What to Do in the Event of a Car Accident
As much as we try to avoid them, nearly everyone is involved in a car accident at some point in their lives. Whether a minor fender-bender, or a major collision, these events are incredibly stressful and can leave us frazzled and disoriented. For that reason, it’s critically important to be aware of the steps that you should take immediately following an accident. In this article, we’ll discuss those steps so that you can be prepared.
Note: These are merely suggestions and are in no way intended to supersede the directives handed down by your employer or insurance company. Be sure to always follow their instructions in the event of a motor vehicle accident.
Check Yourself and Passengers for Injuries
In the moments immediately following an accident, many people find themselves dazed and disoriented. Take a moment to catch your breath and gather yourself. Adrenaline will likely be coursing through your body and you may not feel like you’ve been injured. However, it’s important to take the time to thoroughly check yourself and your passengers to make sure that everyone is alright.
Get to a Safe Place
If you are able, and if it is safe to do so, move your vehicle out of harm’s way, like to a shoulder. If you are not able to move your vehicle, turn on your hazard lights to warn other drivers, and get yourself to a safe area. However, be sure not to leave the scene of the accident.
As soon as you’re able, dial 911 and inform them of the accident. They will likely ask for details such as your location, the number of vehicles or people involved, if there are any injuries, and your contact information. Be sure to speak slowly and clearly so that they can understand you and dispatch the appropriate personnel.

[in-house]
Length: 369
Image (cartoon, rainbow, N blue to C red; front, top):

If there are no injuries, or if the property damage is estimated to be very minor, the police may elect to not come to the scene. Even so, filing an official report may still be a wise thing to do. The dispatcher should be able to guide you on the procedures for filing a report, either in person at the station, or online. That report will be helpful to you and your insurance company in the settlement of any claim filed.
Avoid Admitting Fault
Most employers and insurance companies recommend that drivers not claim any fault at the time of an accident. This is true even if you believe that you were in the wrong. Motor vehicle accidents are complex situations. While you may view the situation one way, witnesses, police officers, and the other party may have a different perspective. Any statement of apology or admittance of culpability can end up hurting your case. Let the professionals determine who is actually at fault.
Try to gather as much information as possible. Write down things such as: the names of all parties involved (including passengers), the make, model, and license plate numbers of all vehicles involved, insurance information, contact information of all involved parties, witnesses, and responding officers, and the location of the accident. Notate things such as weather and traffic conditions. If you have a cell phone camera, be sure to take plenty of pictures of the scene as well.
Notify the Appropriate Parties As Soon As Possible
Depending on your company’s policy, you may be required to contact your supervisor, insurance company, fleet management company, or all three. Be sure to know the proper procedure beforehand. Contact those parties as soon as possible and provide them with all of the information that you gathered at the scene. They will inform you of any additional information required or next steps that need to be taken.
Vehicle accidents are incredibly traumatic events that happen to even the most seasoned drivers. However, following these steps will hopefully make a stressful situation a little less worrisome.
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